New Mexico Non-Resident Pass-Through Withholding & Composite Return Election

Bill Schulz Maggie Caldwell Written by Bill Schulz, Maggie Caldwell
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New Mexico Non-Resident Pass-Through Withholding & Composite Return Election

The State of New Mexico requires pass-through entities (which may be a state law partnership or a limited liability company taxed as a partnership) to withhold tax at 5.9% on earnings of non-resident partners or members if the owner’s distributive share of net income is over $100 in a year. As a result of engaging in activity in New Mexico, each owner generally must also file a New Mexico return reporting this activity. Historically, New Mexico has not allowed pass-through entities to file composite tax returns but see the discussion about a recent law change below.

If a non-resident owner chooses, the pass-through entity may agree with the owner that the owner pays the amount that would have been withheld and remitted to the New Mexico Taxation and Revenue Department (Revenue Department) on behalf of the owner by the pass-through entity. To document this election, the owner and pass-through entity must have Form RPD-41353, Owner’s or Remittee’s Agreement to Pay Withholding on Behalf of Pass-Through Entity or Remitter, retained in their records. Note, that this form does not need to be filed with the Revenue Department.

Other exceptions that may exempt pass-through entity withholding include but are not limited to owners that:

  • Are insurance companies (subject to a separate taxing regime in the state),
  • Maintains its place of business or residence in New Mexico, and/or,
  • Are federally tax-exempt (i.e., Internal Revenue Code sections 501-509 organizations).

Withholding payments are due two months and 15 days after the taxable year-end (March 15 for calendar year taxpayers). No estimated payments are required for New Mexico withholding. If payments are not remitted by the due date, interest and penalty may apply until the payment is received by the Revenue Department.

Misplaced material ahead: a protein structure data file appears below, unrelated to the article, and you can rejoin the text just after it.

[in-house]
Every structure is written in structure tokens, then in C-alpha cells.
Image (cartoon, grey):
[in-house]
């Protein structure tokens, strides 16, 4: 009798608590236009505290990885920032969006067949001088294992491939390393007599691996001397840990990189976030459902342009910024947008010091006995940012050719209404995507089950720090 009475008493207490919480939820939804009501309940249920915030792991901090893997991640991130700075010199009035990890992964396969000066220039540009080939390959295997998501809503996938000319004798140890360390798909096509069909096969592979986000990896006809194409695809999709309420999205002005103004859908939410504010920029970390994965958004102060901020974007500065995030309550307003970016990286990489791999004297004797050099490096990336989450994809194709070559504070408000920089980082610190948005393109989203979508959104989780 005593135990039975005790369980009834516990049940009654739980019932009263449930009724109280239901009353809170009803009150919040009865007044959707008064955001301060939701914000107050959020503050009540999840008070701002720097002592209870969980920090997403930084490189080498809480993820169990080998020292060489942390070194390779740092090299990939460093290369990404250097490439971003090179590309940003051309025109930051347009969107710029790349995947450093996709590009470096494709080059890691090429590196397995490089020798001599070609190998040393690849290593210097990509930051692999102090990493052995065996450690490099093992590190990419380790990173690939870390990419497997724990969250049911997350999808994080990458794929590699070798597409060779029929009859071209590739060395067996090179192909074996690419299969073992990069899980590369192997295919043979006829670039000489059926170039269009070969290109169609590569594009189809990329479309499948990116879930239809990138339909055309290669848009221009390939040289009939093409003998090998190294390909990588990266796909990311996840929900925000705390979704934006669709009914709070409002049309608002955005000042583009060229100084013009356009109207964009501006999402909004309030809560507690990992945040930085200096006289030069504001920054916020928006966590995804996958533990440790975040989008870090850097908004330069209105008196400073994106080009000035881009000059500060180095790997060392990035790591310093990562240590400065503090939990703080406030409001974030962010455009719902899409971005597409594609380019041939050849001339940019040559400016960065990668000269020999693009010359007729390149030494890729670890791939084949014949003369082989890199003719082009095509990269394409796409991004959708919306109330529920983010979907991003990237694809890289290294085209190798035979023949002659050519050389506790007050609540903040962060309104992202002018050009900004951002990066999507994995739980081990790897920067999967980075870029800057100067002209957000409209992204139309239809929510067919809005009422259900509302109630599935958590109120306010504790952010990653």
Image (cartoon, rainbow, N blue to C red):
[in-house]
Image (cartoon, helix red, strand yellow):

The pass-through entity must file Form RPD-41367, Pass-Through Entity Withholding Detail Report, due the same day as the New Mexico state income tax return. The form may be extended for six months if there is a valid federal or state extension. Note, withholding payments are not extended, however, penalties are waived through the extension date.

Alternatively, effective on January 1, 2022, pass-through entities may file a composite tax return for electing non-resident owners. See NMSA 1978 § 7-3-14. Eligibility to take part in this filing program is similar to the above-mentioned agreement between a non-resident owner and a pass-through entity to reassign withholding responsibility.

New Mexico is not the only state imposing entity-level withholding on non-resident owners of pass-through entities, as Oklahoma, Colorado, California, and Pennsylvania are other oil-producing states with similar requirements. We ask clients to work closely with us during the year to timely identify situations that could cause withholding requirements to commence, through changes in the location of activity or makeup of the ownership group.

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